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News article

York St John University collaborates on digital arts project to spark creativity in lockdown

Published: 13 January 2021

  •   Featured
A woman holds a book of colourful artwork towards the camera

Zara Mallinson from Mind The Gap with her own Creative Doodle Book

Bradford’s Mind the Gap Theatre Company and York St John University have developed a creative, hands-on resource that aims to give vulnerable and marginalised people access to creativity and the arts. They are now looking to support community groups to engage with the Creative Doodle Book Project.

The Doodle Book was first developed in 2019 by Matthew Reason, Professor of Theatre & Performance at York St John University through a collaborative research process with Mind the Gap. Using a series of playful tasks and activities to encourage creativity, thought, and reflection its aim was to support Mind the Gap’s learning-disabled artists to reflect on their theatre practice and encourage personal independence.

The Doodle Book came into its own during the first lockdown of 2020 when Mind the Gap successfully piloted an at-a-distance delivery with its artists.

“When lockdown hit, we had to drastically adapt our activities and find different ways to connect with our artists. We needed to continue providing opportunities for positive creative expression and connection,” says Mind the Gap’s Senior Producer Deborah Dickinson.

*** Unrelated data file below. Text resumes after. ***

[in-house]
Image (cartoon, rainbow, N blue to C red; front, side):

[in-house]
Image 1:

“Together with access champions Totally Inclusive People, we began online sessions using the Doodle Book - they were an instant success and we felt it was important to roll it out further and give others access to this fantastic resource.”

Following a successful pilot scheme with four community groups from around the country, the two organisations will work to develop the Doodle Book as a model of inclusive, physically distanced practice. The process will be accompanied by adaptive, accessible resources to reach individuals otherwise excluded from digital arts activities.

“The pandemic has been particularly hard on organisations working with marginalised or vulnerable people,” says Professor Matthew Reason.
“During 'normal' times, the arts have a vital role in supporting resilience through providing opportunities for positive creative expression. During the Covid19 crisis, it is even more vital to find ways for everyone to express their creativity in community contexts and find digital solutions.”

The project will work with community arts’ groups and adopt a collaborative approach to provide a structure that can grow and be expanded at scale.

The Creative Doodle Book Project is free, and the team is looking for more community groups with which to collaborate over a four-week period between mid-January and July 2021.

Participating groups will receive:

- support from Access Champion Vicky Ackroyd
- a Doodle Book for each group member
- up to four online interactive activity sessions
- models for working on and offline or across the two
- access to online resources

“We are very excited to be able to deliver this free project to those who need it and will benefit from it,” concludes Deborah.
“We aim to provide evidence of the importance of creativity to support wellbeing and personal agency particularly during a time of extreme uncertainty.”

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